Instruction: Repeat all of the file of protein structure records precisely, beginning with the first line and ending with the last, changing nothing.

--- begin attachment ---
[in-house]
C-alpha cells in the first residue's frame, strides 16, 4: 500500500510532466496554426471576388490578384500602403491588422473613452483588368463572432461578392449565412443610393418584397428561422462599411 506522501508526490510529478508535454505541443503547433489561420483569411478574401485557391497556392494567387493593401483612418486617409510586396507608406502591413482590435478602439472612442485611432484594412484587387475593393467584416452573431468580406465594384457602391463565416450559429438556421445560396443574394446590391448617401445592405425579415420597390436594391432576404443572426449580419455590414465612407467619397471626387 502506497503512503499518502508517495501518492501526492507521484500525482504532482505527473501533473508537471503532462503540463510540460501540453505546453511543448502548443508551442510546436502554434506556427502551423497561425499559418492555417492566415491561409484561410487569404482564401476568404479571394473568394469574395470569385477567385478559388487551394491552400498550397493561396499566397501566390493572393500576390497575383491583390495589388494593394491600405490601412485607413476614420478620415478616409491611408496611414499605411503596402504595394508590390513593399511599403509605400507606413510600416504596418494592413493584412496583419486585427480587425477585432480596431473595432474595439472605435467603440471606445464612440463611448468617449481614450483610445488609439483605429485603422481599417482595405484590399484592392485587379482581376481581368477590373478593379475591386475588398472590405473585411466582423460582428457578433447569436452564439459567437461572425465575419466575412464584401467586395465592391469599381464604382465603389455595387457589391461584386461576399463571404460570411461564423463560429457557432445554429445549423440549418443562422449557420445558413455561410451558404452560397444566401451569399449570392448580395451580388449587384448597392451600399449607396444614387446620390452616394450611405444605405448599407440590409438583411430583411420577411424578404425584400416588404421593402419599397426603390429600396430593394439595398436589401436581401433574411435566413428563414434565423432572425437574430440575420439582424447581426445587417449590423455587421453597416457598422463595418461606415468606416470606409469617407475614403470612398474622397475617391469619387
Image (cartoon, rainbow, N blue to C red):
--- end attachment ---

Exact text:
[in-house]
C-alpha cells in the first residue's frame, strides 16, 4: 500500500510532466496554426471576388490578384500602403491588422473613452483588368463572432461578392449565412443610393418584397428561422462599411 506522501508526490510529478508535454505541443503547433489561420483569411478574401485557391497556392494567387493593401483612418486617409510586396507608406502591413482590435478602439472612442485611432484594412484587387475593393467584416452573431468580406465594384457602391463565416450559429438556421445560396443574394446590391448617401445592405425579415420597390436594391432576404443572426449580419455590414465612407467619397471626387 502506497503512503499518502508517495501518492501526492507521484500525482504532482505527473501533473508537471503532462503540463510540460501540453505546453511543448502548443508551442510546436502554434506556427502551423497561425499559418492555417492566415491561409484561410487569404482564401476568404479571394473568394469574395470569385477567385478559388487551394491552400498550397493561396499566397501566390493572393500576390497575383491583390495589388494593394491600405490601412485607413476614420478620415478616409491611408496611414499605411503596402504595394508590390513593399511599403509605400507606413510600416504596418494592413493584412496583419486585427480587425477585432480596431473595432474595439472605435467603440471606445464612440463611448468617449481614450483610445488609439483605429485603422481599417482595405484590399484592392485587379482581376481581368477590373478593379475591386475588398472590405473585411466582423460582428457578433447569436452564439459567437461572425465575419466575412464584401467586395465592391469599381464604382465603389455595387457589391461584386461576399463571404460570411461564423463560429457557432445554429445549423440549418443562422449557420445558413455561410451558404452560397444566401451569399449570392448580395451580388449587384448597392451600399449607396444614387446620390452616394450611405444605405448599407440590409438583411430583411420577411424578404425584400416588404421593402419599397426603390429600396430593394439595398436589401436581401433574411435566413428563414434565423432572425437574430440575420439582424447581426445587417449590423455587421453597416457598422463595418461606415468606416470606409469617407475614403470612398474622397475617391469619387
Image (cartoon, rainbow, N blue to C red):